Nonviolent Communication™ and Gratitude
“Saying thank you in NVC language:This is what you did; this is what I feel; this is the need of mine that was met.”
People often think of Nonviolent Communication (NVC) as something to be applied only in difficult or challenging situations — something we might use in a conflict.
But NVC is also a powerful way to celebrate life through appreciation and gratitude.
Two modes of consciousness and two very different intentions
NVC helps us distinguish between two modes of consciousness, each of which is a very different approach to life and relationships than the other.
One of those modes of consciousness we refer to as life-disconnected, life-alienated thinking and language. In workshops, many trainers use the word jackal as a linguistic shortcut and metaphor.
The other is called life-connected, life-serving thinking and language. This is another way of describing NVC, for which we use the linguistic shortcut and metaphor giraffe.
Jackal and giraffe are human-centered metaphors with little relation to the actual animals who live in nature. We use them for instructional purposes, and will be using them below to help us clarify NVC gratitude and appreciation.
To understand NVC gratitude and appreciation, it’ll help us to first clarify the purpose of NVC.
What is NVC for?
The purpose of NVC is to create a high quality of connection out of which people enjoy contributing to one another’s well-being.
Dr. Marshall Rosenberg, PhD., traveled the world mediating conflicts and training people for over 40 years. He said that in every culture people are playing one of two games. One of those games is called “Who’s right and who’s wrong?” And the other game is called “How can I make life more wonderful?”
Who’s right and who’s wrong is the game we’re playing when we’re in jackal consciousness.
How can I make life more wonderful is the game we play when we’re in giraffe consciousness.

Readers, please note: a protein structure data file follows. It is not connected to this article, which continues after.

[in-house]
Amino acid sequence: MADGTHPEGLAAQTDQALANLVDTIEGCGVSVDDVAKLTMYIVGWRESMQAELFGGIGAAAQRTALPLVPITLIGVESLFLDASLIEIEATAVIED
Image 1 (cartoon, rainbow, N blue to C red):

Jackal frequently relies on expectations of other people to do what we want regardless of whether or not it works for them.
Appreciation and gratitude — as expressed through jackal consciousness — come out as praise and compliments, in other words static judgments about what a person is.
The verb “to be” points out the static thinking. For example, “you are a good daughter,” “you are a great student,” “you are a fantastic musician.” These are static labels that don’t account for the fact that life is dynamic and constantly changing.
The intentions behind the life-disconnected expression of gratitude — praise and compliments — could be any of the following:
– I have some bad news to deliver and I’m trying to soften you up ahead of time,
– I’m about to ask you for something I want, so I’m complimenting you to try to get you to say yes,
– By praising and complimenting you I’m trying to get you to like me or get your love or acceptance, even if I am not consciously aware of those underlying needs.
The cost of life-alienated gratitude
Part of the issue with praise and compliments is that the deeper message from the speaker isn’t conveyed. This is because when someone praises and compliments another it focuses our attention on a static label of the other person, rather than on how the other person contributed to our life.
If we do have some of the intentions mentioned above (like getting you to like me), another one of the costs is that people become suspicious about our intentions, therefore eroding trust.
Furthermore, we miss the true gift of gratitude and appreciation.
What is the intention and purpose of NVC gratitude?
There’s really one primary intention and that is celebration.
When somebody has said or done something that’s contributed to your needs, you celebrate that awesome power we have to make each other’s lives more wonderful.
A secondary purpose for gratitude is feedback. Whenever any one of us speaks or acts we want our words or our actions to contribute to life. Gratitude and appreciation gives me feedback letting me know that I succeeded in that intention.
NVC gratitude and appreciation simply has the intention to celebrate and the secondary purpose of offering feedback.